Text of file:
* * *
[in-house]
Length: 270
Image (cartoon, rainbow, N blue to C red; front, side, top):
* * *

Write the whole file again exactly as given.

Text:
[in-house]
Length: 270
Image (cartoon, rainbow, N blue to C red; front, side, top):